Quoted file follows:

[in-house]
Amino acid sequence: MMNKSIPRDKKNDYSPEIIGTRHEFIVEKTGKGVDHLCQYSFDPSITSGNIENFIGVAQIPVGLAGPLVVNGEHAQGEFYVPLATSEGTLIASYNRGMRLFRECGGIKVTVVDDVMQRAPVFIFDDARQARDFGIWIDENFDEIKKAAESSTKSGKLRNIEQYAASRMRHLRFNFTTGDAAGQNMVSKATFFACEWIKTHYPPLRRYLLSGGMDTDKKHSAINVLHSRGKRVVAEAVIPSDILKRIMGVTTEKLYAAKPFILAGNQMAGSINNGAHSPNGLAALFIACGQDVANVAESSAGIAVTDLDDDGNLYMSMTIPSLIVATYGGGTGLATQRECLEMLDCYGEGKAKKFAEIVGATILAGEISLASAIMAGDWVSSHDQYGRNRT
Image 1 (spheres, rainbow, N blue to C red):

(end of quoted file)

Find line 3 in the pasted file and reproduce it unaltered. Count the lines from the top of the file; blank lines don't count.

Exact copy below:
Image 1 (spheres, rainbow, N blue to C red):